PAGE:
In the 1940s, when the Wolf Creek Dam on the Cumberland River in Kentucky was planned, the high water level in the new reservoir would flood a portion of the Pittman’s Creek bridge at the portal to tunnel no. 4. 4 Work began in the late 1940s to reroute the railroad and on August 3, 1950, tunnels nos. 3 and 4 were closed to northbound traffic; southbound traffic began using the new bridge on August 8. 5 6

Tunnel no. 16, which carried southbound traffic before being reduced in status to just a passing siding, was abandoned in 1955 when Centralized Traffic Control was being installed. 4

Finally, the CNO&TP undertook a massive construction project between 1961 and 1963 that saw many tunnels bypassed with cuts and the reduction of steep grades and curves at a cost of $32 million. 4 Included in the project:

  • Nine tunnels, nos. 2, 5, 7, 8, 9, 11, 12, 15 and 23, were bypassed by line changes that totaled 25 miles of new track.
  • Three of the tunnels, no. 22 and 24 at Nemo, Tennessee, and no. 26 at Oakdale, were bypassed with three new tunnels. The new tunnels were 20-feet wide and 30-feet high.
  • One tunnel, no. 25 at Oakdale, Tennessee, was enlarged.

The sequence and tunnels removed included:

  • Project 1 removed tunnel no. 2 at King’s Mountain, Kentucky with a cut that was at most 140-feet deep.
  • Project 2 removed tunnel no. 5, 6, 7 and 8 with fills as high as 215 feet and cuts as deep as 160 feet between Tateville and Greenwood, Kentucky.
  • Project 3 included the removal of a tunnel at Parkers Lake, Kentucky and the realignment of track from Parkers Lake to Wiborg. The largest fill was 116 feet cuts as deep as 150 feet.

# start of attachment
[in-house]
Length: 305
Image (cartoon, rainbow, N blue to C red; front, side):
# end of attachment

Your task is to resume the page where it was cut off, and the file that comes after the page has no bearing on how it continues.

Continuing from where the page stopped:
• Project 4 included the construction of a new bridge over the New River at Helenwood, Tennessee. The new 1,618-foot bridge, 307.5 feet high, opened on July 10, 1963.
  • Project 5, from Lancing to Nemo, Tennessee, included a new tunnel no. 22, 23 and 24.
  • Project 6 included the enlargement of the tunnel no. 25 and the construction of a new tunnel no. 26 at Oakdale.

The completion of the project was heralded on July 10, 1963, when the New River bridge near Robbins, Tennessee was opened. 4

In 1970, all CNO&TP stock was purchased by Southern Railway. The line became known as the Southern Railway Western Division in 1972 and was purchased by Norfolk Southern seven years later. 1

Tunnel No. 2 at King’s Mountain, Kentucky

Tunnel No. 3 and 4 at Burnside, Kentucky

Tunnel No. 5 north of Sloans Valley, Kentucky

New River Bridge near Robbins, Tennessee

Further Reading


  1. Tipton, Rick. “The PRR in Cincinnati.” The Pennsylvania Railroad in Cincinnati. By Rick Tipton and Chuck Blardone. Altoona: Pennsylvania Railroad Technical and Historical Society, 2004. 3-103.
  2. “The Birth of an Idea.” Cincinnati Southern Railway. N.p., n.d. Web. 14 Dec. 2014. Article.
  3. “Historical Timeline.” Cincinnati Southern Railway. N.p., n.d. Web. 14 Dec. 2014. Article.
  4. “90 Years to ‘Daylight.'” Ties Aug. 1963: n. pag. Print.
  5. Ties Oct. 1951: cover. Print.
  6. “New Cumberland River Bridge.'” Ties Sept. 1950: n. pag. Print.


  1. In 1971, me and a buddy hopped on a freight car from Chattanooga to Cincinnati without a stop. The train stopped in what we later learned was Ludlow, KY. We had to walk across the train tressel to get to Cincinnati. Our entire trip was from Atlanta to Port Jervis, PA. It was one hell of a trip. I wrote a short story about it.

  2. Looking for information on 1891 railroad depot constructed in Cincinnati and dropped off on rail line in Glen Alice, TN, Main purpose to pick up peaches. Was abandoned in 1050’s and sold. Do you have a suggestion as to finding more information and a picture of the original building.